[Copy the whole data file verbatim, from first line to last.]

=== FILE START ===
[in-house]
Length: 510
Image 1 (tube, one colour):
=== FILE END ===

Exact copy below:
[in-house]
Length: 510
Image 1 (tube, one colour):